Hanuman Temple. Photo: Aman

The old dome of the Hanuman Temple is still adorned with a moon and a star. Photo: Aman

According to the priest of the temple, Pandit Jagdamba, “According to legend, once Lord Hanuman appeared in Begum Aliya’s dream telling her that he is lying in a garden and he would be happy if she could get out of this garden and get him installed in a temple Aliya Begum identified the place and ordered excavations to the place from where an ancient Hanuman idol was found and duly installed in what is now this Aliganj temple.

Pandit Jagdamba. Photo: Aman

“Later, it was Nawab Wajid Ali Shah who launched a mela (fair) around this historic Hanuman Temple in Aliganj on the occasion of ‘Bada Mangal’ in the Hindu month of Jyeshtha,” he added.

The mela is part of that old tradition which is followed to this day, when it can be witnessed during the current month of Jyeshtha which started on May 17th.

Nawab Wajid Ali Shah had also banned the killing of monkeys, which was declared a serious crime. And as a patron of art, poet, playwright and exponent of kathak, known as the traditional storytelling dance, he wrote the famous play in Urdu titled Radha Kanhaiya in which he himself played the role of the popular Hindu god Krishna.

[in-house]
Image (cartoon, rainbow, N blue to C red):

A few kilometers from the Hanuman temple stands Kazmain Rauza (dargah) in the old Chaupatiyan of Lucknow. The Rauza was made in 1852. It is a replica of a holy mausoleum in Iran which was built in memory of the 7th Imam of Khurasan Hazrat Moosa of Shia Muslims.

Kazmain Rauza, in the Chaupatiyan of old Lucknow. Photo: Aman

What makes Lucknow Rauza so unique is the story behind its making. “As can be found in the book Lucknow Lost Monument, written by Saiyed Anwar Abbas, Nawab Amjad Ali Shah had a courtier, Jagannath Aggrawal, who lived in Chowk of Lucknow. He visited Iran and saw the Rauza of Imam Moosa. He was so impressed with its structure and beauty that when he returned, he immediately ordered a replica to be made here. Not only that, he invited Persian craftsmen to help carry out this mission. It was the first Rauza to be built by a Hindu,” said Shamil Shamsi of Old Lucknow.